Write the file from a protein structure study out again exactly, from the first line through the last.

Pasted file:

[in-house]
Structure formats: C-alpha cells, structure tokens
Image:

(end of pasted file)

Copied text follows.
[in-house]
Structure formats: C-alpha cells, structure tokens
Image: